Murder is a very serious criminal offence and is defined as an act, or an omission which, causes death. Murder requires that the act or omission was done with reckless indifference to human life, or with intent to kill or inflict grievous bodily harm upon some person. It may be done individually or with an accomplice. If it is performed without this intent, then the offence is reduced to manslaughter. If the offence was not malicious, due to accident or if the accused has lawful cause or excuse, it shall not constitute murder. Having proper legal advice from an experienced Criminal lawyer is a necessity, should you be implicated in a murder.
In broad terms, Murder is committed where the accused does an act causing death with a reckless indifference to human life, an intention to kill or do grievous bodily harm. The necessary mental state must exist at the time of the act or acts of the accused that caused the death of the victim. The act can be part of a single transaction and it does not matter that the necessary intention was not present when every act was committed. For instance, there may have been intention to kill at the time the offence was planned but not at the time of execution of the act; however that may be sufficient to constitute mens rea. Comprehensive and sound advice from a Criminal Lawyer can be greatly beneficial in explaining the law surrounding murder.
At common law, a person who does an act foreseeing that it is probable (as distinct from possible) that death will result from that act is guilty of murder where death results. It is not sufficient, that only grievous bodily harm is foreseen by the accused as a probable consequence of his or her conduct. For instance, if there was only intention to severely injure an individual but death occurs, then this is insufficient to prove the presence of all the necessary elements of murder. Where there is an intention to kill some person, it does not matter that some other person is killed other than the person intended. For instance if a person drives recklessly and aggressively intending to kill a certain individual but instead kills another individual, then murder would still have been committed. The fact that death or injury occurred in a way unintended or unexpected by the accused is irrelevant except as to the question of causation. It is unnecessary for the prosecution to prove that the accused intended to cause the death or the injury in a particular way. For instance, if there are two brawling individuals and one intends to fatally injure the other individual, but instead throws him off a balcony to his death then this would still constitute murder. Proper legal advice from an experienced Criminal Lawyer may be advantageous if you are affected by a murder case.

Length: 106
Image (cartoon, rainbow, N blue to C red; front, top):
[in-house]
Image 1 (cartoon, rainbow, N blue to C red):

Murder is an indictable offence and carries currently a maximum penalty of 25 years imprisonment; thus, there will be a jury present in criminal proceedings. The jury will need to consider the evidence to make a judgment on the facts of the case, including as to whether there was intention and causation. It is for the jury to determine what act or acts were done by the accused and whether they or any of them caused death, so that the question of whether a reflex or automatic motor action is a voluntary or unwilled act is a question for the jury. On the matter of causation, a person can cause the death of another where that person does an act which substantially contributes to the death of the deceased and that person may be guilty of murder notwithstanding that the immediate cause of death is the act of another person or even the deceased's own act. For instance, this may be the situation where a person intoxicates another individual and whilst they are in a state of intoxication walk into incoming traffic and die. Having proper legal advice from an experienced criminal lawyer may be of great utility in this aspect.
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